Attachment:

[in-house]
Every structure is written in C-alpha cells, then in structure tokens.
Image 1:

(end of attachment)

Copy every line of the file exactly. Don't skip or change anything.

[in-house]
Every structure is written in C-alpha cells, then in structure tokens.
Image 1: